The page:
The parliamentary and ministerial reviews of the response to the 2007 floods also brought reputation and TCF further into the political arena. The Hunt review of FOS and its implementation could push TCF issues in respect of third parties - most often personal injury claimants - up the agenda. Resolving the high costs associated with low value motor claims could also lead the industry to consider TCF as a promise to these third parties, and possibly to offering them access to FOS.
These are very clearly controversial and difficult issues, and likely to change the dynamic in the relationship between insurer, insured and third party claimant. The reality, however, is that these issues are already in play in today's public affairs agenda: in the Law Commission's review of insurance contract law, in reforms to third party rights against insurers which will figure in the draft Civil Law Reform Bill and in the so-far low key regulatory scrutiny of 'claimant capture' in low value motor injury cases.
Secondly on the issue of risk intelligence, the tools and models available for predicting risks have proliferated in the last decade or so. Most notably, the modelling of natural catastrophe risks has become virtually embedded in property programmes. Various models, often developed by reinsurers or consultants, are widely deployed, well known and understood in that market sector (windstorm models are among the best known).
The actuarial expertise behind such models is very obviously adaptable to motor and casualty risks - surely it is axiomatic that better initial data on risk frequency and severity must lead to more accurate claims reserving and - via the claims development curve - to a better understanding of exposures and pricing? Certainly on the motor book, the utility of actuarial insight and modelling of injury claims has been clearly demonstrated by the use among both the underwriting and claims disciplines of the four detailed International Underwriting Association/Association of British Insurers bodily injury studies which have been completed in the last decade or so.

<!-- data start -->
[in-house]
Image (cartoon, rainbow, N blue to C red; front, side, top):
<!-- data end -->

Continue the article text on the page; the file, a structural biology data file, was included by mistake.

Finally, regarding test case litigation, insurers and other compensators - notably in the personal injury field - have organised themselves around a number of important test cases in the motor and casualty field in recent years. Topics include credit hire, no win no fee and points arising in respect of asbestos-related diseases.
Not all have been successful and in fact many have failed to establish the legal outcome sought by the defence. Despite that, we detect in such cases (and we have been involved in several) a trend in which the defence sector is notably better organised than say 15 years ago.
Litigation risk and uncertainty will always be a variable in each and every case we handle. Consequently we appreciate that at a strategic level, test litigation to resolve market level concerns (say around credit hire matters or, equally topically, pleural plaques) may very well afford a more efficient method of resolving the uncertainties. While such test cases often group together several representative claimants, the outcome technically binds only those named in the litigation. Recent proposals from the Civil Justice Council on collective redress could very well assist in delivering a wider resolution.
Tony and Goliath?
In the speech quoted above, Mr Blair talked of a "hopeless mismatch" between the challenges and the institutions in place to tackle them.
We do not quite share his implicit pessimism - in respect of claims issues at least - even given the present credit crunch. Granted the evolving fiscal and economic environment presents clear and present risks for claims executives (and for boards and shareholders) and their legal advisers alike.
Nevertheless, we suggest that the tools to match the present challenges in the claims sector are perhaps far from new, and may for the most part be captured within the three principles set out in the second half of this article. In summary these are: deliver on a promise; understand and manage your exposure; and pursue your best points resolutely.
- Terry Renouf is national senior partner and Alistair Kinley is head of policy development with law firm Berrymans Lace Mawer.